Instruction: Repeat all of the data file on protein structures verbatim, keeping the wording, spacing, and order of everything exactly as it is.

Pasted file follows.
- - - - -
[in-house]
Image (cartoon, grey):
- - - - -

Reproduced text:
[in-house]
Image (cartoon, grey):